Example: bcdboot C:\Windows /l en-US /s A: /f UEFI

    A drive is the EFI partition.

    If you did everything correctly Windows should now boot in UEFI mode on GPT partitioning, and everything should be exactly as you left it before the backup. You can now create another backup once you've confirmed that everything works.

    Sorry if I was a bit vague, I'm in a rush today, and replied quickly, figuring that a quick response would be better than none. Just ask for clarification if needed. I've did this numerous times and it has worked most of the time.
    AnonVendetta, Apr 25, 2016
  5. HikerGuy Win User
    Anon, while I appreciate your response, you need to use smaller words.*Eek "A bit complicated" is an understatement.

    "It has worked most of the time." Now THAT is not a comforting statement to someone who is on Week #1 of Windows 10!!!!

    All joking aside, thank you for the informative response, as you are pointing out several areas I am clueless in, so will start getting up to speed on this as soon as possible. Be prepared for questions to follow.

    Seems like there are multiple points of potential failure that I could stumble into. FYI, my existing SSD C drive is only 512 GB, data drives are between 1 and 6 TB each.

    As the data drives are backups of each other, I could reformat a data drive using the method I was told about above. If it works, great, if it doesn't, I have multiple backups. So, if that is the first step, is it ok to have the data drives in a GPT format working with a C Drive in MBR format?

    Then I could concentrate on creating a rescue disk and reformatting the C drive, and making it bootable. At the moment, I am not comfortable not knowing what I don't know about this process, and need to get a better understanding before proceeding. Surely there is a Windows 10 Procedure for doing this somewhere?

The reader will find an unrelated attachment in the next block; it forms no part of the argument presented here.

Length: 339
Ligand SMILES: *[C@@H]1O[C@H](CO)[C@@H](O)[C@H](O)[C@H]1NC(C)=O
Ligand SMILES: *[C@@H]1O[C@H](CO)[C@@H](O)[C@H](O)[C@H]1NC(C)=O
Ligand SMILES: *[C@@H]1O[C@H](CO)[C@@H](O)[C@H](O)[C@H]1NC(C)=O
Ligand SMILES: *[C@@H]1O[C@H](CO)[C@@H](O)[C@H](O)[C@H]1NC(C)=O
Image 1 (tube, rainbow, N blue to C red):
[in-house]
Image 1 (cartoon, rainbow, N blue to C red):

I am tempted to purchase a 2nd SSD and get it formatted correctly, and then do a windows install on that drive. Don't want to run into copyright issues and such as I am loading my programs onto the 2nd drive. Once done, I could reformat the original drive and use it for other purposes. Would this simplify things?

    Thx again
    HikerGuy, Apr 25, 2016
  6. HikerGuy Win User
    Here is another option question. Can I "clone" a MBR drive as a GPT drive, making the format change during the cloning process? If so, that would be the absolute easiest way (for me).
    HikerGuy, Apr 25, 2016
  7. HikerGuy Win User
    Until I started this thread today, I was totally oblivious to options. After just a bit of education (a dangerous thing in itself), I am leaning toward purchasing a newer SSD and cloning to that drive in GPT mode. That would free up my "old" SSD to be my intermediary between the C drive and my data drives. Doesn't seem terribly complicated this way, either.
    HikerGuy, Apr 25, 2016
  8. topgundcp Win User

    GPT disk conversion for both data drives and C drive

    Macrium Rescue disk can be used to convert from MBR to GPT and vice versa without doing a fresh install of Windows.

    • Download Rescue6.1.1081X64.iso - Google Drive and use Rufus to create a bootable USB disk. Skip this step if you've already created the Macrium Rescue disk.
    • Download: - Google Drive . Unzip to an external or an internal HD
      This is a copy of the first 3 partitions of my current Windows 10 x64 (450MB Recovery, 100MB EFI and 16MB MSR)
    • Boot up Macrium Rescue disk and create a backup of your current Windows to another internal/external HD. It serves 2 purposes: you'd have a backup of your current Windows in case things go wrong and then use it to restore the C drive on the next steps.
    • Next, switch the BIOS to UEFI and use Macrium to restore the first 3 partitions downloaded in step 2 to your current MBR Windows. No need to convert or Format, Macrium will do it.
    • Again with Macrium, select the backup image from step 3, and copy back the C drive after the 3 partitions.
      After this step, you should have: 450MB, 100MB, 16MB and C drive (GPT partition scheme)
    • From Macrium, click on Fix the Windows Boot Problems
    • Reboot. Your Windows should be in UEFI mode.
    topgundcp, Apr 25, 2016
  9. HikerGuy Win User

    Thank you for that alternative. Used Macrium for my backup prior to going to Win 10, almost foolproof. I will test the "almost foolproof" part by doing this formatting conversion.